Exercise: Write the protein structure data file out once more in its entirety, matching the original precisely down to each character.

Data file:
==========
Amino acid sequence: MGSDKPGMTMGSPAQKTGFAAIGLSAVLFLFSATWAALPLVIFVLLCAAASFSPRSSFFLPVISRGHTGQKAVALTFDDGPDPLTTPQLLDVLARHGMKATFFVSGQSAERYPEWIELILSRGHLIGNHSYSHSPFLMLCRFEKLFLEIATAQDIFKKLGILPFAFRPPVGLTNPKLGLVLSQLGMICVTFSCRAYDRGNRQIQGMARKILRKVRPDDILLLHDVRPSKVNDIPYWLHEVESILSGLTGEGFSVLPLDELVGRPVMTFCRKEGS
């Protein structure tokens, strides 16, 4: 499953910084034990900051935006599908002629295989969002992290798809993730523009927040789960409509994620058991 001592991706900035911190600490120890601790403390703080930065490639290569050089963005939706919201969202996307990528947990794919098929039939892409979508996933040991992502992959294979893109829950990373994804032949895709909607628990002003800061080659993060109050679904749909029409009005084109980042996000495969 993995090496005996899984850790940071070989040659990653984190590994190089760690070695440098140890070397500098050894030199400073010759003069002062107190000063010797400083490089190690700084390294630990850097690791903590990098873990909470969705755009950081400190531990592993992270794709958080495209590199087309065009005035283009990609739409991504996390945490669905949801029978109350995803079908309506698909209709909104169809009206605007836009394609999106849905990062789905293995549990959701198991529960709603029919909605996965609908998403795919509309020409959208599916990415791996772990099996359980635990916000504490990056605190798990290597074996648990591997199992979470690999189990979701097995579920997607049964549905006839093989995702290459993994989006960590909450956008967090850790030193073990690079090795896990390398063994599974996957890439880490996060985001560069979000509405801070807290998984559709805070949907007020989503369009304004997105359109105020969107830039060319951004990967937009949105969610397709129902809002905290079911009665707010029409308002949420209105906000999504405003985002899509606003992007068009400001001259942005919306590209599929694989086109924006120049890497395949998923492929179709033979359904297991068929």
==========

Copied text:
Amino acid sequence: MGSDKPGMTMGSPAQKTGFAAIGLSAVLFLFSATWAALPLVIFVLLCAAASFSPRSSFFLPVISRGHTGQKAVALTFDDGPDPLTTPQLLDVLARHGMKATFFVSGQSAERYPEWIELILSRGHLIGNHSYSHSPFLMLCRFEKLFLEIATAQDIFKKLGILPFAFRPPVGLTNPKLGLVLSQLGMICVTFSCRAYDRGNRQIQGMARKILRKVRPDDILLLHDVRPSKVNDIPYWLHEVESILSGLTGEGFSVLPLDELVGRPVMTFCRKEGS
């Protein structure tokens, strides 16, 4: 499953910084034990900051935006599908002629295989969002992290798809993730523009927040789960409509994620058991 001592991706900035911190600490120890601790403390703080930065490639290569050089963005939706919201969202996307990528947990794919098929039939892409979508996933040991992502992959294979893109829950990373994804032949895709909607628990002003800061080659993060109050679904749909029409009005084109980042996000495969 993995090496005996899984850790940071070989040659990653984190590994190089760690070695440098140890070397500098050894030199400073010759003069002062107190000063010797400083490089190690700084390294630990850097690791903590990098873990909470969705755009950081400190531990592993992270794709958080495209590199087309065009005035283009990609739409991504996390945490669905949801029978109350995803079908309506698909209709909104169809009206605007836009394609999106849905990062789905293995549990959701198991529960709603029919909605996965609908998403795919509309020409959208599916990415791996772990099996359980635990916000504490990056605190798990290597074996648990591997199992979470690999189990979701097995579920997607049964549905006839093989995702290459993994989006960590909450956008967090850790030193073990690079090795896990390398063994599974996957890439880490996060985001560069979000509405801070807290998984559709805070949907007020989503369009304004997105359109105020969107830039060319951004990967937009949105969610397709129902809002905290079911009665707010029409308002949420209105906000999504405003985002899509606003992007068009400001001259942005919306590209599929694989086109924006120049890497395949998923492929179709033979359904297991068929």